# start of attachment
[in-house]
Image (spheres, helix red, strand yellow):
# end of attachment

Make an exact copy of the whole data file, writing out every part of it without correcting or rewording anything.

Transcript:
[in-house]
Image (spheres, helix red, strand yellow):